Did you hear the news story the other day about the sports star who left a $.20 tip? I think it was a sports guy. I didn’t pay a whole lot of attention. I just remember thinking that was pretty cheap.
Even if your service is awful in a restaurant, generally I think it’s a good idea to at least leave a 10% tip. I’m pretty sure 15% is standard in Kansas and 20% is expected in other cities. But I’ve never worked in service, so I don’t know for sure. I just know I’m glad someone is bringing me my food and I don’t have to get up and get it.
What I really hate to hear, though, is about some well-meaning Christ follower leaving a measly tip along with an invite to attend services the following week. I mean, I get what they’re doing, but if you’re going to invite a waiter or waitress to attend your church, it’s probably a good idea to make sure you give them a decent tip.
But why is that so hard to do? Why is tipping so difficult? Is it because food prices have gone up so high that adding that extra 10% or 15% or 20% onto the bill will break you? Or is it because you just haven’t received good service?
I can understand in both circumstances. But leaving a tip, especially if you intend to make it a witnessing opportunity, is more than just a tip. It’s a chance to be Christ to someone else.
Today’s verse is Philemon 1:4-7.
I always thank my God when I pray for you, Philemon, because I keep hearing about your faith in the Lord Jesus and your love for all of God’s people. And I am praying that you will put into action the generosity that comes from your faith as you understand and experience all the good things we have in Christ.
I’m reading Philemon this week, and if you haven’t heard of it, it’s a little bitty book in the back of the New Testament. It’s only one chapter, and it’s jam packed full of awesome.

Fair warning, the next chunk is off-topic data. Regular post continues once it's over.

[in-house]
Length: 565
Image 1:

The back story? It’s basically how Paul, who wrote most of the New Testament, encounters this runaway slave named Onesimus. Paul leads Onesimus to Christ in prison, and then he writes a letter to Onesimus’s owner, Philemon, who is a well-known Christ-follower. And Paul begs Philemon to forgive Onesimus for running away and welcome him back not only into his employment as a fellow man but also as a brother in Christ.
It’s a tiny little chapter. Go read it.
And what Paul says in this passage really resonated with me. If you have faith, you’ll be generous. It’s plain and simple. And it’s true if you think about it. The most generous people I’ve ever known have a boatload of faith. Why? Well, they believe that God will bless them when they give their resources away in His name.
I don’t know about sports stars, but Christians should have faith. If you’re a Christ-follower, if you’ve chosen to believe in Christ to save you from your sins so you can have a relationship with God, you have faith. Period. And if you have faith, you should learn how to be generous.
But how do you get there? Well, check out the verse.
You learn to be generous through faith after you understand and experience the goodness of God. Can anyone speak to that? I can. I’ve known God long enough to be stunned speechless when I think about everything He has done for me.
And if God can afford to be so generous with me, why can’t I be generous with other people? No, I don’t have a lot to give financially, but I can give what I can. God will bless it. I don’t have as much time as I used to have either, but what I have, I can give to people and causes that need it. And God will bless it. But most of all, I have what God has given me—and that’s love. And love is the most expensive, free gift in the world, and since the love I can offer others comes from God, my store is unlimited.
So don’t be stingy with the resources God has given you. You’ve had faith He would provide in the past, and He did. So put that faith into action and be generous with the people around you, whether that’s financially or emotionally.
Maybe you can’t afford it, but God can. And it’s His bank you’re pulling from in the first place.